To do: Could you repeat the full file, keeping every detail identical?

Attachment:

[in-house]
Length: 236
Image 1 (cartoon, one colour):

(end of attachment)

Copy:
[in-house]
Length: 236
Image 1 (cartoon, one colour):